Monday 29 December 2014

Chewing gum factory worker settles High Court action over back injury during abseiling exercise

Tim Healy

Published 12/03/2014 | 16:39

A chewing gum factory worker has settled a High Court action over a back injury he says he sustained while doing a company training exercise involving him abseiling from from the cab of a forklift machine at a height of 31 feet.

Declan Kells (47), Hillview Lawns, Pottery Road, Dun Laoghaire, Co Dublin, claimed Cadbury Ireland Ltd was negligent and in breach of health and safety over the accident on June 13, 2007, when he allegedly injured his back during an exercise involving emergency evacuation from a high level forklift.

Mr Kells, a married father of three, also sued the firm employed by Cadbury to carry out the training, Jungheinrich Lift Truck Ltd, claiming it was also negligent in the way in which the exercise was conducted.

The defendants denied the claims.

The case began on Tuesday and yesterday, following talks, Conor Maguire SC, for Mr Kells, told Mr Justice Iarfhlaith O'Neill the matter had been settled and could be struck out.

The court heard Mr Kells, who is a general operative and forklift operator with Cadbury, was taking part in the training exercise at Cadbury's chewing gum facility in South City Business Park, Tallaght, Co Dublin.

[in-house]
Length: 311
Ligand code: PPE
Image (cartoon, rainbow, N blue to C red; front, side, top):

It involved climbing out of the cab of the forklift which travels along narrow aisles in the warehouse to remove and store products on shelves which rise to 31 feet in height.

The evacuation practice was being done in case the forklift stopped operating or in case of a fire.   The forklift operator had to be able to get out of the cab at a high level using ropes and harness and effectively abseil to the ground, counsel for Mr Kells said.

Mr Kells had successfully completed evacuations at 10 and 20 feet but he experienced significant difficulties doing it at the higher 31 feet level, counsel said.

Mr Kells had to get under the forks of the forklift before he could abseil down but ended loosing his grip and hanging under the forks, fearing he would bang his head, counsel said.   When he got to the ground, his back was causing him serious pain.

He finished work and returned the next day but was unable to continue.

He later attended his own doctor, and the company doctor, but after returning to work on a number of occasions, he had to eventually stop in June 2009 because of his back problems.   He is still an employee of Cadbury.

Counsel said:   "In essence, what was being asked for was an advanced course in abseiling from people who were novices,"

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